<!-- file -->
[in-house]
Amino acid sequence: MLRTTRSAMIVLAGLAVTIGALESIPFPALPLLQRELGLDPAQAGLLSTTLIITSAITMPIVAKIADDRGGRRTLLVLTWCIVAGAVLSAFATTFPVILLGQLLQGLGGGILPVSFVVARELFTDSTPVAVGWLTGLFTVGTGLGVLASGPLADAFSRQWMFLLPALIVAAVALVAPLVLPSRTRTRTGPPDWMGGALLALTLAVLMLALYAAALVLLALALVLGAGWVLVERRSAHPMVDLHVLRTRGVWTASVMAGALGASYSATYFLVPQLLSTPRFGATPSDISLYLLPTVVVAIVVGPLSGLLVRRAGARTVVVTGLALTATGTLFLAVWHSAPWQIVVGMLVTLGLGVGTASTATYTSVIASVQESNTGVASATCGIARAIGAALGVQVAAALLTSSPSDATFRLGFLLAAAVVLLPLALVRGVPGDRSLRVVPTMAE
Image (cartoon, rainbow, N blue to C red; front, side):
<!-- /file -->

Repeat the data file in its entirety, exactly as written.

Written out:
[in-house]
Amino acid sequence: MLRTTRSAMIVLAGLAVTIGALESIPFPALPLLQRELGLDPAQAGLLSTTLIITSAITMPIVAKIADDRGGRRTLLVLTWCIVAGAVLSAFATTFPVILLGQLLQGLGGGILPVSFVVARELFTDSTPVAVGWLTGLFTVGTGLGVLASGPLADAFSRQWMFLLPALIVAAVALVAPLVLPSRTRTRTGPPDWMGGALLALTLAVLMLALYAAALVLLALALVLGAGWVLVERRSAHPMVDLHVLRTRGVWTASVMAGALGASYSATYFLVPQLLSTPRFGATPSDISLYLLPTVVVAIVVGPLSGLLVRRAGARTVVVTGLALTATGTLFLAVWHSAPWQIVVGMLVTLGLGVGTASTATYTSVIASVQESNTGVASATCGIARAIGAALGVQVAAALLTSSPSDATFRLGFLLAAAVVLLPLALVRGVPGDRSLRVVPTMAE
Image (cartoon, rainbow, N blue to C red; front, side):